"To him I gave my plighted vow,

"With him I'll climb the hill.

"Struck with her charms and gentle truth,

"I clafp'd the constant fair; "To her alone I gave my youth,

"And vow my future care.

"And when this vow shall faithless prove,

"Or I thofe charms forego,

"The ftream that faw our tender love,

"That ftream fhall ceafe to flow."



Audita voces, vagitus et ingens,
Infantumque animæ flentes in limine primo.

AH me! full forely is my heart forlorn,


To think how modeft worth neglected lies,
While partial Fame doth with her blast adorn,
Such deeds alone as pride and pomp disguise,
Deeds of ill fort, and mifchievous emprize :
Lend me thy clarion, Goddess! let me try
To found the praise of Merit ere it dies,
Such as I oft have chaunced to efpy
Loft in the dreary fhades of dull obfcurity.
In ev'ry village, mark'd with little spire,
Embower'd in trees, and hardly known to Fame,
There dwells, in lonely shed and mean attire,
A matron old, whom we School-mistress name,
Who boafts unruly brats with birch to tame;
They grieven fore, in piteous durance pent,
Aw'd by the power of this relentless dame,
And oft times, on vagaries idly bent,

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For unkempt hair, or task unconn'd, arc forely fhent,
And all in fight doth rise a birchen tree,
Which Learning near her little dome did ftowe,
Whilom a twig of small regard to fee,

Though now fo wide its waving branches flow,
And work the fimple vaffals mickle woe;

For not a wind might curl the leaves that blew,

But their limbs fhudder'd, and their pulfe beat low,
And, as they look'd, they found their horror grew,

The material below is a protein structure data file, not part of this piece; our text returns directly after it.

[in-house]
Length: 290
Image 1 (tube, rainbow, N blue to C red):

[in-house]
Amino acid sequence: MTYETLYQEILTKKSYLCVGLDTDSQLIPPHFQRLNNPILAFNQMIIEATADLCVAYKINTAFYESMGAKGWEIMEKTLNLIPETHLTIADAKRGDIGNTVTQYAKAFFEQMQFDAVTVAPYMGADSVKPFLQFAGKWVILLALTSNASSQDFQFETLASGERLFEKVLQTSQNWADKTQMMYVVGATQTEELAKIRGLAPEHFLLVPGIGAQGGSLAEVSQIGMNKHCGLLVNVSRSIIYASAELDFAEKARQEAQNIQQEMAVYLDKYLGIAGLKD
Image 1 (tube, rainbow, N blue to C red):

And fhap'd it into rods, and tingled at the view.
So have I feen (who has not may conceive)
A lifeless phantom near a garden plac'd ;
So doth it wanton birds of peace bereave,
Of fport, of fong, of pleasure, of repast;
They ftart, they ftare, they wheel, they look aghaft;
Sad fervitude! fuch comfortless annoy

May no bold Briton's riper age e'er taste,
Ne fuperftition clog his dance of joy,
Ne vifion empty, vain, his native blifs deftroy.
Near to this dome is found a patch fo green,
On which the tribe their gambols do display,
And at the door impris'ning board is feen,
Left weakly wights of smaller fize should stray,
Eager, perdie, to bask in funny day!
The noifes intermix'd, which thence refound,
Do Learning's little tenement betray,

Where fits the dame, disguis'd in look profound,
And eyes her fairy throng, and turns her wheel around.
Her cap, far whiter than the driven fnow,
Emblem right meet of decency does yield;
Her apron, dy'd in grain, as blue, I trowe,
As is the hare-bell that adorns the field;
And in her hand, for fceptre, fhe doth wield
Tway birchen sprays, with anxious fear entwin'd,
With dark diftruft and fad repentance fill'd,

And steadfast hate, and fharp affliction join'd,

And fury uncontroul'd, and chastisement unkind.

Few but have kenn'd, in femblance meet pourtray'd,
The childish faces of old ol's train,